Skating and ankles

Discussion in 'The Rink' started by nukethewhales, Mar 21, 2011.

  1. nukethewhales

    nukethewhales gotta nuke something

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    As a minor, my parents always believed in letting me grow into equipment. So, equipment that I received was always too big.. skates included. My skates always had 1-1.5 inches of extra room before the toe, meaning my foot was sliding around, and I could barely skate (explains why I never made it out of house league and hated playing). As a result, I always taped my ankles, or tied the laces twice around them to give them extra support.

    Now that I'm an adult and developed a late passion for the game, I purchased my a pair of Bauer Supreme One60s that actually fit - well, they're actually a bit snug.. but after having 1.5 inches of free room, I figured I would benefit from the snugness.

    I tried them out today, and I was just curious.. are your ankles supposed to have free 360 degree flexion? The skates feel very, very loose, even when tied tight (except I can't loop the ankles). It may be because I'm not used to have no support there, or that I lack the conditioned muscles, but I really felt my ankle muscles working to keep a proper balance.

    Is this normal? Or should I have a bit of tightness around the ankles?
     
  2. gifted88

    gifted88 Dante the poet

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    I knew some guys that liked their skates loose so it's personal preference really.

    I'm surprised your parents put you in skates that were too big, as a kid your skates should always fit well. I know my parents must have hated buying me skates every year or two for my giant feet.
     
  3. ponder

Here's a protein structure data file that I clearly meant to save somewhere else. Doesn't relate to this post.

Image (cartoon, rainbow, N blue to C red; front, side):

ponder Registered User

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    Did you have them baked, and baked well so they really molded? Some shops/employees don't heat them enough for a proper mold. Pre-baking a lot of new skates are a bit too stiff to really be able to tie tightly/snugly around your upper ankle, it's hard to get the eyelets to really wrap over, but with a good bake they should wrap firmly. Also, after baking you can switch to waxed laces (I use "elite laces," they're good, but do all baking with non waxed laces so the wax doesn't melt out), waxed laces make it easier to tie skates tightly, which will increase ankle support. Some people like to wrap their laces around the ankles or tape the ankles as you used to, but with a good fitting skate and good laces this should be unnecessary, and will just overly restrict front to back mobility. You need serious leg strength/unreal technique to properly flex a new skate that is taped around the ankles, something that most of us just don't have. With a proper fitting, properly baked skate and waxed laces tied tightly you should be able to get good lateral ankle support just from a normal lacing. By not doing any extra wrapping/taping you will have better front/back mobility, allowing for a deeper knee/ankle bend, which is a good thing.

    I also used to tie and tape the ankles when growing up when my parents had me in skates that were often too big, and carried on this bad habit for quite awhile after I stopped growing, but now that I have good fitting skates I just tie them normally, no laces wrapped around the ankle, and no tape around the ankles either. I still get good lateral stiffness, but the greater front/back mobility has definitely helped my skating. Takes a bit to get used to, but once you do (with a proper fitting, well baked, tightly tied skate) I think most people will benefit from not taping/tieing the ankles.
     
    Last edited: Mar 21, 2011

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